I was in Atlanta, healing from a car accident when the lottery was done. Once back in college, I learned that there were many resources there to help fail the physical, and many people willing to help. My resolve to flunk the physical was fueled by my roommate who said anyone who wanted to fail could. But what I most remember is when I went to Jacksonville’s NAS for the pre-induction physical.
I remember a line to the bathroom in the bus as we neared Jacksonville. It wasn’t because we had to go, but we needed to "get ready" to face the examiners. I remember the Gainesville bus (full of college students) arriving at the base at the same time as a bus from Lake City (not college students). When the marine asked who may have reason to not serve, pretty much the whole Gainesville bus responded. No one from the Lake City bus did.
I remember following the yellow line.
I remember another student telling me that he had eaten nothing but Ex-Lax for the last 4 days. I remember another student watch me put albumen from a vial I had hidden in my shorts into my urine sample, and take my folder hoping he would get a 4-F.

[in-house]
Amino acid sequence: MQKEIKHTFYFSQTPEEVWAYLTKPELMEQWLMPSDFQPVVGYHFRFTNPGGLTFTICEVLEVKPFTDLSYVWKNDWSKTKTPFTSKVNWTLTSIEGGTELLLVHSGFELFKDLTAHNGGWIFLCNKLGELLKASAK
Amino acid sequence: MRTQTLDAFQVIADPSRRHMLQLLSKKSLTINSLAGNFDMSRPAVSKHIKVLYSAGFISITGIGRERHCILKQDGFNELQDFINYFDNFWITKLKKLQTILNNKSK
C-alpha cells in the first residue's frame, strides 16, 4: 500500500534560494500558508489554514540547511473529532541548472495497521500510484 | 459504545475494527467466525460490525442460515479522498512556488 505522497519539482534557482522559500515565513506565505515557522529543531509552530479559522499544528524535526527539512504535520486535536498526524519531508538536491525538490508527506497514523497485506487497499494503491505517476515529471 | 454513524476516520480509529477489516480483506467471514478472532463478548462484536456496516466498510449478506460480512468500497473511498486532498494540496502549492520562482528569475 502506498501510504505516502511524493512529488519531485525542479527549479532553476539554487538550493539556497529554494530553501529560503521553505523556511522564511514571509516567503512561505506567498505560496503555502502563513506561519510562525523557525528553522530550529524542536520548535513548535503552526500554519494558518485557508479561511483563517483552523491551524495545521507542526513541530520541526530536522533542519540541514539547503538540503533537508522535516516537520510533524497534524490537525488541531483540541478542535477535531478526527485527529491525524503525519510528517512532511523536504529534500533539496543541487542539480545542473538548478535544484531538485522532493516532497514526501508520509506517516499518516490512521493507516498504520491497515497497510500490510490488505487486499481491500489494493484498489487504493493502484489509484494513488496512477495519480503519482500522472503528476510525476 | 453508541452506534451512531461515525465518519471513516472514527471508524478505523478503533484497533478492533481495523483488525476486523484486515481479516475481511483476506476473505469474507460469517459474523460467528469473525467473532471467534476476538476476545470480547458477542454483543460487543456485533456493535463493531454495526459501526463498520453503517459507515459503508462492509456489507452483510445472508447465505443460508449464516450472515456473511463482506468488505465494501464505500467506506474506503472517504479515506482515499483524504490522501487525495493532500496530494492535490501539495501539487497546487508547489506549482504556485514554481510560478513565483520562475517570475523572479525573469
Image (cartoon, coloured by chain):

I remember the audiologist not believing I was deaf. Because of this, I was kept overnight in Jacksonville. I was put up in the Heart of Jacksonville Motel. There was a wing used by the military. They housed people like me who were trying to get out of the army, and others who were about to be inducted into the army. My roomate was from Tallahassee, and was trying to get out on psychological grounds. Those about to be inducted were whooping and hollering and celebrating. We were not. On the other side of the motel was the travelling cast from the play "Hair". It was a very strange experience.
I remember failing the hearing exam. (My hearing was fine.)
My story has a happy ending. I eventually got out because of tachycardia. I don’t know how it is spelled, but it means that my heartbeat was over 100 per minute. I am forever thankful to my chemistry student friends that helped me with this condition. I have no guilt or shame over what I did.